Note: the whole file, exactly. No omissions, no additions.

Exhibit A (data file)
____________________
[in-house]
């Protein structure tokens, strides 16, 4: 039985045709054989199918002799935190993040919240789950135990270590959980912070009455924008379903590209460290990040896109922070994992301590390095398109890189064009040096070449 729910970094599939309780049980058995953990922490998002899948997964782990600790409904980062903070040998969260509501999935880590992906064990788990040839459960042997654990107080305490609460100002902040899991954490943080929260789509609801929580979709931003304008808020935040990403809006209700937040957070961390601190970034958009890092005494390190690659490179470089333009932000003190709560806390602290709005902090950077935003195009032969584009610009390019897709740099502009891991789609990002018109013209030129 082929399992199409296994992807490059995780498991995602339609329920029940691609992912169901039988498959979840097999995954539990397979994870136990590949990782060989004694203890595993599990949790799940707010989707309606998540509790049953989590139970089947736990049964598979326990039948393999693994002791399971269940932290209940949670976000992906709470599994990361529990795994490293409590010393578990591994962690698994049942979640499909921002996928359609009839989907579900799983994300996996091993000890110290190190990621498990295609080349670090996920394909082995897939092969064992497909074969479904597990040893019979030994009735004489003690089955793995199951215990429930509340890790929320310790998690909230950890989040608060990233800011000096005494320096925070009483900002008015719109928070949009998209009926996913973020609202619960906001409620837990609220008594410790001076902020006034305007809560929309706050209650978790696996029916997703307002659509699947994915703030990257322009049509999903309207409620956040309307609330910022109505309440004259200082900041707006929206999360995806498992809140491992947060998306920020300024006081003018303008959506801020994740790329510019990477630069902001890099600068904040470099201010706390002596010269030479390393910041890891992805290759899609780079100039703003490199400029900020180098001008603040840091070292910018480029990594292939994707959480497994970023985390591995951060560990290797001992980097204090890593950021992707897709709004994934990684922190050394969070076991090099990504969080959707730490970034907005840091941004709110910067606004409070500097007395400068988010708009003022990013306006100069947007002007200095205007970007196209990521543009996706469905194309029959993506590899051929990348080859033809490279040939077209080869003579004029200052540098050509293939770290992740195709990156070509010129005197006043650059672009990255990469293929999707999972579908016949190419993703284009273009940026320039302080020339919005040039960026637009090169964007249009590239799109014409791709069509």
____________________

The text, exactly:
[in-house]
């Protein structure tokens, strides 16, 4: 039985045709054989199918002799935190993040919240789950135990270590959980912070009455924008379903590209460290990040896109922070994992301590390095398109890189064009040096070449 729910970094599939309780049980058995953990922490998002899948997964782990600790409904980062903070040998969260509501999935880590992906064990788990040839459960042997654990107080305490609460100002902040899991954490943080929260789509609801929580979709931003304008808020935040990403809006209700937040957070961390601190970034958009890092005494390190690659490179470089333009932000003190709560806390602290709005902090950077935003195009032969584009610009390019897709740099502009891991789609990002018109013209030129 082929399992199409296994992807490059995780498991995602339609329920029940691609992912169901039988498959979840097999995954539990397979994870136990590949990782060989004694203890595993599990949790799940707010989707309606998540509790049953989590139970089947736990049964598979326990039948393999693994002791399971269940932290209940949670976000992906709470599994990361529990795994490293409590010393578990591994962690698994049942979640499909921002996928359609009839989907579900799983994300996996091993000890110290190190990621498990295609080349670090996920394909082995897939092969064992497909074969479904597990040893019979030994009735004489003690089955793995199951215990429930509340890790929320310790998690909230950890989040608060990233800011000096005494320096925070009483900002008015719109928070949009998209009926996913973020609202619960906001409620837990609220008594410790001076902020006034305007809560929309706050209650978790696996029916997703307002659509699947994915703030990257322009049509999903309207409620956040309307609330910022109505309440004259200082900041707006929206999360995806498992809140491992947060998306920020300024006081003018303008959506801020994740790329510019990477630069902001890099600068904040470099201010706390002596010269030479390393910041890891992805290759899609780079100039703003490199400029900020180098001008603040840091070292910018480029990594292939994707959480497994970023985390591995951060560990290797001992980097204090890593950021992707897709709004994934990684922190050394969070076991090099990504969080959707730490970034907005840091941004709110910067606004409070500097007395400068988010708009003022990013306006100069947007002007200095205007970007196209990521543009996706469905194309029959993506590899051929990348080859033809490279040939077209080869003579004029200052540098050509293939770290992740195709990156070509010129005197006043650059672009990255990469293929999707999972579908016949190419993703284009273009940026320039302080020339919005040039960026637009090169964007249009590239799109014409791709069509």